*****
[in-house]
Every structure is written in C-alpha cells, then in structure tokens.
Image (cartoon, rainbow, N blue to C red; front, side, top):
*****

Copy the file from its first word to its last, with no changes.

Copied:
[in-house]
Every structure is written in C-alpha cells, then in structure tokens.
Image (cartoon, rainbow, N blue to C red; front, side, top):